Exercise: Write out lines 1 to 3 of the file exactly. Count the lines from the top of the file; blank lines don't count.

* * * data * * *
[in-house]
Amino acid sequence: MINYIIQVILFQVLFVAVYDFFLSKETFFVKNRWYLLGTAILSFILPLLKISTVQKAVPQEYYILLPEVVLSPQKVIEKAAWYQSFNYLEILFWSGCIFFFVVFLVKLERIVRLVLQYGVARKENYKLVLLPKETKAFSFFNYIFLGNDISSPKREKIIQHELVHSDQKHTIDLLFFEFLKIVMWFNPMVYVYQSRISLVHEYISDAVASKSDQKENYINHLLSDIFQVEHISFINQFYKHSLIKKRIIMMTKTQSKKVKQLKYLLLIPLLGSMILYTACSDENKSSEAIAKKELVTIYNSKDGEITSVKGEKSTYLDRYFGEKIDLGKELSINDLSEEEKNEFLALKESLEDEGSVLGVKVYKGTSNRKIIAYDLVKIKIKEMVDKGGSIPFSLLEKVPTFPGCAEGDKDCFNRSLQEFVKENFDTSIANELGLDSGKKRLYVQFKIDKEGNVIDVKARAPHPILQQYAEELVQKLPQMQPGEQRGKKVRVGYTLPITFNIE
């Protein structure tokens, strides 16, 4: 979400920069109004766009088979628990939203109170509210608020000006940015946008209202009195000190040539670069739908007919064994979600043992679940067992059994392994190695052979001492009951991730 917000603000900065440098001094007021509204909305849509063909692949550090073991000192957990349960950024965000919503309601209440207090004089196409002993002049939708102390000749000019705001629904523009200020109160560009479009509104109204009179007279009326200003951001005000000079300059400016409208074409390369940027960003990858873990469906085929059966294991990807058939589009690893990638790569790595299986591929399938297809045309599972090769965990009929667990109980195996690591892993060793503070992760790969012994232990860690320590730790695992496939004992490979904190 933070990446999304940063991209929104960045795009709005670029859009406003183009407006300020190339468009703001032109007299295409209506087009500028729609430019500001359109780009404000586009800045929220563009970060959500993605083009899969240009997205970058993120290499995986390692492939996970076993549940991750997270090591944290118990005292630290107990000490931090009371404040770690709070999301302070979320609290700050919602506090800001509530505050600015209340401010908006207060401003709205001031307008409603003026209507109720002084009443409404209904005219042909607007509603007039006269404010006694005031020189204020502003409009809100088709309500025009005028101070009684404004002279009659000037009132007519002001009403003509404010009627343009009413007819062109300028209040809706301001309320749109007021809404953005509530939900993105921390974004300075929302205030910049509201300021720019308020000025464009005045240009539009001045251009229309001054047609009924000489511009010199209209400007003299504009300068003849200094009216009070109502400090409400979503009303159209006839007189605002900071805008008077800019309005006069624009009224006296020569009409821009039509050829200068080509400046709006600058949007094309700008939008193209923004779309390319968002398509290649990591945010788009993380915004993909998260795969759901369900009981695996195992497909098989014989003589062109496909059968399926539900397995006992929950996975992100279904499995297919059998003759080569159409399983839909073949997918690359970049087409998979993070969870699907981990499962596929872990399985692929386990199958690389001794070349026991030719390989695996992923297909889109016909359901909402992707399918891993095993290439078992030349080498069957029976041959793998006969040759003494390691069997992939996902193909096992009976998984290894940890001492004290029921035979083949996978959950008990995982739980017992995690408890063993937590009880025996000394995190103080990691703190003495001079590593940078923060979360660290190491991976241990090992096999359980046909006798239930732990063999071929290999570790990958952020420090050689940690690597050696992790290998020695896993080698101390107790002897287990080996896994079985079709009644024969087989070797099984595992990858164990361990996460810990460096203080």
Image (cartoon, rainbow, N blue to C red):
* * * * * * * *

[in-house]
Amino acid sequence: MINYIIQVILFQVLFVAVYDFFLSKETFFVKNRWYLLGTAILSFILPLLKISTVQKAVPQEYYILLPEVVLSPQKVIEKAAWYQSFNYLEILFWSGCIFFFVVFLVKLERIVRLVLQYGVARKENYKLVLLPKETKAFSFFNYIFLGNDISSPKREKIIQHELVHSDQKHTIDLLFFEFLKIVMWFNPMVYVYQSRISLVHEYISDAVASKSDQKENYINHLLSDIFQVEHISFINQFYKHSLIKKRIIMMTKTQSKKVKQLKYLLLIPLLGSMILYTACSDENKSSEAIAKKELVTIYNSKDGEITSVKGEKSTYLDRYFGEKIDLGKELSINDLSEEEKNEFLALKESLEDEGSVLGVKVYKGTSNRKIIAYDLVKIKIKEMVDKGGSIPFSLLEKVPTFPGCAEGDKDCFNRSLQEFVKENFDTSIANELGLDSGKKRLYVQFKIDKEGNVIDVKARAPHPILQQYAEELVQKLPQMQPGEQRGKKVRVGYTLPITFNIE
């Protein structure tokens, strides 16, 4: 979400920069109004766009088979628990939203109170509210608020000006940015946008209202009195000190040539670069739908007919064994979600043992679940067992059994392994190695052979001492009951991730 917000603000900065440098001094007021509204909305849509063909692949550090073991000192957990349960950024965000919503309601209440207090004089196409002993002049939708102390000749000019705001629904523009200020109160560009479009509104109204009179007279009326200003951001005000000079300059400016409208074409390369940027960003990858873990469906085929059966294991990807058939589009690893990638790569790595299986591929399938297809045309599972090769965990009929667990109980195996690591892993060793503070992760790969012994232990860690320590730790695992496939004992490979904190 933070990446999304940063991209929104960045795009709005670029859009406003183009407006300020190339468009703001032109007299295409209506087009500028729609430019500001359109780009404000586009800045929220563009970060959500993605083009899969240009997205970058993120290499995986390692492939996970076993549940991750997270090591944290118990005292630290107990000490931090009371404040770690709070999301302070979320609290700050919602506090800001509530505050600015209340401010908006207060401003709205001031307008409603003026209507109720002084009443409404209904005219042909607007509603007039006269404010006694005031020189204020502003409009809100088709309500025009005028101070009684404004002279009659000037009132007519002001009403003509404010009627343009009413007819062109300028209040809706301001309320749109007021809404953005509530939900993105921390974004300075929302205030910049509201300021720019308020000025464009005045240009539009001045251009229309001054047609009924000489511009010199209209400007003299504009300068003849200094009216009070109502400090409400979503009303159209006839007189605002900071805008008077800019309005006069624009009224006296020569009409821009039509050829200068080509400046709006600058949007094309700008939008193209923004779309390319968002398509290649990591945010788009993380915004993909998260795969759901369900009981695996195992497909098989014989003589062109496909059968399926539900397995006992929950996975992100279904499995297919059998003759080569159409399983839909073949997918690359970049087409998979993070969870699907981990499962596929872990399985692929386990199958690389001794070349026991030719390989695996992923297909889109016909359901909402992707399918891993095993290439078992030349080498069957029976041959793998006969040759003494390691069997992939996902193909096992009976998984290894940890001492004290029921035979083949996978959950008990995982739980017992995690408890063993937590009880025996000394995190103080990691703190003495001079590593940078923060979360660290190491991976241990090992096999359980046909006798239930732990063999071929290999570790990958952020420090050689940690690597050696992790290998020695896993080698101390107790002897287990080996896994079985079709009644024969087989070797099984595992990858164990361990996460810990460096203080």